A great article in the SF Chronicle today
By: Elanor Starmer | August 06 2010 at 03:48 PM
Here’s an excerpt:
“Supporters of the water bond, which would cost California taxpayers $22 billion over 30 years, hope that in two years voters will forget how bad it is. That will also give bond supporters time to gather the millions of dollars needed to push their message out statewide. We shouldn’t be fooled: a vote to postpone this bad bill is a vote to keep it on life support.
“While pulling the plug on the water bond now and starting anew is the best thing for California, the second best option is to let Prop 18 go to the ballot in November. If our Bay Area legislators want to do right by the public, they will vote against A.B. 1265, the bill to postpone the water bond to 2012.
“The battle over the bond has been framed in many circles as a battle between farmers and fishermen, or between Northern and Southern California. But a report released by Food & Water Watch yesterday suggests that the real battle is between private and public interests, with private interests across the state set to gain measurably if the bond is passed. Peter Gleick’s post on Tuesday highlighted what Proposition 18 actually says and does. Now with this report, we know who stands to benefit most from the bloated bond and it’s not the general water-drinking public. That will continue to be the case two years from now.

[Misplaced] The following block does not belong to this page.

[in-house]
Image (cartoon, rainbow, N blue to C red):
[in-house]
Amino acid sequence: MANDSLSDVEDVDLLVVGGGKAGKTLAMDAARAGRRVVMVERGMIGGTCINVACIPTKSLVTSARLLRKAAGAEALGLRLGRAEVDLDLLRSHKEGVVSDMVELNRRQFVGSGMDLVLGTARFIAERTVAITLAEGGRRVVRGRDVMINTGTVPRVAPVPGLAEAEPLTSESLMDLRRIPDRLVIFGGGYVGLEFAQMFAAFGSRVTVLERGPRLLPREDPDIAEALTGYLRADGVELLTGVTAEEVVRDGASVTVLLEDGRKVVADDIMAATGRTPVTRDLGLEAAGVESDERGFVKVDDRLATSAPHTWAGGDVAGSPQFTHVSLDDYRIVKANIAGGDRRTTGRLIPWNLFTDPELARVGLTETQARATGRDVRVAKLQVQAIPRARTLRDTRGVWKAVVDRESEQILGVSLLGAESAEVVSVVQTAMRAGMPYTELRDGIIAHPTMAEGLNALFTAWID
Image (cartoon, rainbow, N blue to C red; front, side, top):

“That puts the bond’s cheery title, the “Safe, Clean and Reliable Drinking Water Act of 2010 (or 2012)” in a whole new, and suspect, light. And it makes the fact that the bond would be paid for out of the same pot that funds essential public services like education, public safety, and health care seem positively reprehensible.
“It shouldn’t be surprising that over half of the contributions to pro-bond PAC have come from the construction industry, agribusiness, and developers. An additional 20 percent came from Governor Schwarzenegger’s California Dream Team (e.g. $35,000 from billionaire Steward Resnick, owner of Paramount Farms).
“[With] interest, the bond would shoulder California taxpayers with an additional $22 billion in debt, to be paid off over 30 years at a cost of some $800 million per year. That’s enough to pay for 13,000 teachers’ salaries or four years of the Healthy Families program, which insures 900,000 children in the state.
“The findings of this new report are clear. The bond is a continuation of failed policies that have funneled California’s public water to private interests that overuse, pollute, and profit from it.
“Check out the video No on AB-1265 and share it with your neighbors. ”
Read the entire SF Chronical article here: click here